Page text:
FBI investigating possible public corruption in Sacramento’s cannabis sector
The FBI is investigating whether public officials at Sacramento, California accepted bribes in return for favorable treatment for applicants for permits to run cannabis companies in town, according to a report from local media. Three sources with direct knowledge of the research have informed the Sacramento Bee that the FBI has questioned several neighborhood cannabis companies over the previous 3 months concerning the potential corruption of town officials.
The resources of this info declined to be identified so the identities of the marijuana industry individuals questioned by the FBI could stay confidential. The sources stated those interviewed by representatives were asked when they had knowledge about any bribes paid to public officials in exchange for favorable treatment throughout the cannabis company licensing procedure.
Gina Swankie, a spokeswoman for the FBI, refused to comment on a potential investigation into public corruption in Sacramento associated with the town’s cannabis market.
“The FBI neither confirms nor denies such an investigation,” Swankie composed in an emailaddress. “Who is making such a claim?”
But only two weeks before, the FBI said in a podcast it had been “seeing a public corruption threat emerge in the expanding cannabis industry” and requested for hints from anybody having knowledge of corruption amongst public officials and marijuana companies.
City Officials Probe Ukrainian Connection to Neighborhood Cannabis Industry
City officials in Sacramento are exploring the way cannabis company owner Garib Karapetyan and his partners have managed to collect eight licenses to function dispensaries in town, or roughly one-third of those allowed retailers. Among Karapetyan’s spouses, Ukrainian businessmen Andrey Kukushkin, was among four men indicted by Federal prosecutors for participation in a strategy to direct overseas funds into campaign contributions and investments in lawful marijuana companies in Nevada and other countries.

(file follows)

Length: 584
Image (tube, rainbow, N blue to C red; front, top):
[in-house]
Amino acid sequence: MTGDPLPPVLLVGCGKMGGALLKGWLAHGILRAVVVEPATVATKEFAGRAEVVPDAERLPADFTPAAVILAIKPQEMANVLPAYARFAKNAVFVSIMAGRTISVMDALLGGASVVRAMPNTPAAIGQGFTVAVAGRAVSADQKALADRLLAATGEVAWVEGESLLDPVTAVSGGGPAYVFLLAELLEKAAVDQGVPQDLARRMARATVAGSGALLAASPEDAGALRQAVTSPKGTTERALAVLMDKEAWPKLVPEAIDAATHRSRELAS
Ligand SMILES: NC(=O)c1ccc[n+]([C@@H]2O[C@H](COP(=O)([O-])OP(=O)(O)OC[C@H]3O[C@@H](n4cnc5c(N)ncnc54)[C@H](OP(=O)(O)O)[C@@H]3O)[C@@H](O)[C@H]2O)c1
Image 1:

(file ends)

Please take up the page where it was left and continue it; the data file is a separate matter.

Two other men indicted in the case, Lev Parnas and Igor Fruman, will also be partners of Rudy Giuliani, President Trump’s personal lawyer, and also have been implicated in a documented plot from the former mayor of New York City to discredit Democratic presidential candidate Joe Biden and his son Hunter.
Sacramento Mayor Darrell Steinberg’s spokeswoman Mary Lynne Vellinga said on Sunday that the mayor needed to understand exactly how Karapetyan and his partners could obtain numerous licenses under city regulations, which have been developed to protect against a concentration of ownership in Sacramento’s cannabis market.
“If this story is true, then our cannabis licensing process, which was designed to protect consumers and reward local law-abiding businesses, is being improperly exploited,” Vellinga said in a statement. “The mayor is calling for an immediate investigation and will lead an effort to add additional safeguards to the licensing process.”
Dale Gieringer, the manager of the California chapter of the National Organization for the Reform of Marijuana Laws (NORML), stated that under state legislation, local authorities have too much authority over the licensing of cannabis companies.
“Corruption is always worse at the local level because there are so many more local officials and they aren’t under as much scrutiny as those in Sacramento,” Gieringer said. Sacramento is also the state capital of California.
State agencies, he added, “have been doing their best to expedite licensing, but too many local players have been getting their hands in the pie.”